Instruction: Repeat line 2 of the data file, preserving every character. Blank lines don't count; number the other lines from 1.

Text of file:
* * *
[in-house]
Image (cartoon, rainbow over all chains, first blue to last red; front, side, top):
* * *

Image (cartoon, rainbow over all chains, first blue to last red; front, side, top):